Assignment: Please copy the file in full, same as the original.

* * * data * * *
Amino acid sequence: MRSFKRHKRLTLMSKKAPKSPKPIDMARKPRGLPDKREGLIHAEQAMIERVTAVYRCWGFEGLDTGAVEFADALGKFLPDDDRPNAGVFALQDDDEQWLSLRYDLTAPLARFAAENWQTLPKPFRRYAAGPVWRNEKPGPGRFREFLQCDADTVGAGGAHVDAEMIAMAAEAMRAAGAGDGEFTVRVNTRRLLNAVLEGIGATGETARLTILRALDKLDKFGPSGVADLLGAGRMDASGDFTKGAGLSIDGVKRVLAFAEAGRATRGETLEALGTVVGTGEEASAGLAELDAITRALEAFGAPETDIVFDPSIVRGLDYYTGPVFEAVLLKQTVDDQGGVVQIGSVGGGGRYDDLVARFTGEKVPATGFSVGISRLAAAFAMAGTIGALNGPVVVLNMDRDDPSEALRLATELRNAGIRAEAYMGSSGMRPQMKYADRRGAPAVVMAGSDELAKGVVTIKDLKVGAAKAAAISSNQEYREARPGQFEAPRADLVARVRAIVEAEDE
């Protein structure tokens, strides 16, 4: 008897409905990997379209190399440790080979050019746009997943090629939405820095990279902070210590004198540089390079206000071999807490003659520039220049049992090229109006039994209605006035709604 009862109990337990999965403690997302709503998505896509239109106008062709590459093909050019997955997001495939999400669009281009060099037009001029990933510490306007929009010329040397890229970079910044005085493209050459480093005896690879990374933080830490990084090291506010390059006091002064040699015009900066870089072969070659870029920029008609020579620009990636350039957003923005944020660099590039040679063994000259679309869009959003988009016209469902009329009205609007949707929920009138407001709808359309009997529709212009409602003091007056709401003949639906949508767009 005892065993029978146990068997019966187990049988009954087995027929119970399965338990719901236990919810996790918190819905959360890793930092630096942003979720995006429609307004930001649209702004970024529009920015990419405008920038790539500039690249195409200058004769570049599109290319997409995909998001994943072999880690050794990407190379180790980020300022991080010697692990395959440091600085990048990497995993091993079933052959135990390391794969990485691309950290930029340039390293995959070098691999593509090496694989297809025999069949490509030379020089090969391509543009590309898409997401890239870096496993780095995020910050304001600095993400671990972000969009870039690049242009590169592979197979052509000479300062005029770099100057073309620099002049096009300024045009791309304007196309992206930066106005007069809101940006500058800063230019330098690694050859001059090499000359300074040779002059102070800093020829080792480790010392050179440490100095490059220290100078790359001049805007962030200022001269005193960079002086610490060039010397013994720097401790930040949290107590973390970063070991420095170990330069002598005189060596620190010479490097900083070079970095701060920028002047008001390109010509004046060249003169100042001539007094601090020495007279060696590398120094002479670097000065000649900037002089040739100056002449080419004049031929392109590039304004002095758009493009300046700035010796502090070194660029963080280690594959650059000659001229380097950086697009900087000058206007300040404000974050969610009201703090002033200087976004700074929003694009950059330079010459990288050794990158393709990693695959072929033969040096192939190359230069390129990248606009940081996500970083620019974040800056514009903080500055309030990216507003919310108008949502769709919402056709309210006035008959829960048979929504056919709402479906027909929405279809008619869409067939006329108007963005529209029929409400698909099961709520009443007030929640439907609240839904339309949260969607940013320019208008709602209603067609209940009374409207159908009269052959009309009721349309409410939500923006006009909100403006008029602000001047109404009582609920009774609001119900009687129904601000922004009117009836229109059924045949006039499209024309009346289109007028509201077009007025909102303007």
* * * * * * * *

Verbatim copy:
Amino acid sequence: MRSFKRHKRLTLMSKKAPKSPKPIDMARKPRGLPDKREGLIHAEQAMIERVTAVYRCWGFEGLDTGAVEFADALGKFLPDDDRPNAGVFALQDDDEQWLSLRYDLTAPLARFAAENWQTLPKPFRRYAAGPVWRNEKPGPGRFREFLQCDADTVGAGGAHVDAEMIAMAAEAMRAAGAGDGEFTVRVNTRRLLNAVLEGIGATGETARLTILRALDKLDKFGPSGVADLLGAGRMDASGDFTKGAGLSIDGVKRVLAFAEAGRATRGETLEALGTVVGTGEEASAGLAELDAITRALEAFGAPETDIVFDPSIVRGLDYYTGPVFEAVLLKQTVDDQGGVVQIGSVGGGGRYDDLVARFTGEKVPATGFSVGISRLAAAFAMAGTIGALNGPVVVLNMDRDDPSEALRLATELRNAGIRAEAYMGSSGMRPQMKYADRRGAPAVVMAGSDELAKGVVTIKDLKVGAAKAAAISSNQEYREARPGQFEAPRADLVARVRAIVEAEDE
């Protein structure tokens, strides 16, 4: 008897409905990997379209190399440790080979050019746009997943090629939405820095990279902070210590004198540089390079206000071999807490003659520039220049049992090229109006039994209605006035709604 009862109990337990999965403690997302709503998505896509239109106008062709590459093909050019997955997001495939999400669009281009060099037009001029990933510490306007929009010329040397890229970079910044005085493209050459480093005896690879990374933080830490990084090291506010390059006091002064040699015009900066870089072969070659870029920029008609020579620009990636350039957003923005944020660099590039040679063994000259679309869009959003988009016209469902009329009205609007949707929920009138407001709808359309009997529709212009409602003091007056709401003949639906949508767009 005892065993029978146990068997019966187990049988009954087995027929119970399965338990719901236990919810996790918190819905959360890793930092630096942003979720995006429609307004930001649209702004970024529009920015990419405008920038790539500039690249195409200058004769570049599109290319997409995909998001994943072999880690050794990407190379180790980020300022991080010697692990395959440091600085990048990497995993091993079933052959135990390391794969990485691309950290930029340039390293995959070098691999593509090496694989297809025999069949490509030379020089090969391509543009590309898409997401890239870096496993780095995020910050304001600095993400671990972000969009870039690049242009590169592979197979052509000479300062005029770099100057073309620099002049096009300024045009791309304007196309992206930066106005007069809101940006500058800063230019330098690694050859001059090499000359300074040779002059102070800093020829080792480790010392050179440490100095490059220290100078790359001049805007962030200022001269005193960079002086610490060039010397013994720097401790930040949290107590973390970063070991420095170990330069002598005189060596620190010479490097900083070079970095701060920028002047008001390109010509004046060249003169100042001539007094601090020495007279060696590398120094002479670097000065000649900037002089040739100056002449080419004049031929392109590039304004002095758009493009300046700035010796502090070194660029963080280690594959650059000659001229380097950086697009900087000058206007300040404000974050969610009201703090002033200087976004700074929003694009950059330079010459990288050794990158393709990693695959072929033969040096192939190359230069390129990248606009940081996500970083620019974040800056514009903080500055309030990216507003919310108008949502769709919402056709309210006035008959829960048979929504056919709402479906027909929405279809008619869409067939006329108007963005529209029929409400698909099961709520009443007030929640439907609240839904339309949260969607940013320019208008709602209603067609209940009374409207159908009269052959009309009721349309409410939500923006006009909100403006008029602000001047109404009582609920009774609001119900009687129904601000922004009117009836229109059924045949006039499209024309009346289109007028509201077009007025909102303007």